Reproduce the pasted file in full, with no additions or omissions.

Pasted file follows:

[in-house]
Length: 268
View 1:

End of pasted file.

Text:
[in-house]
Length: 268
View 1: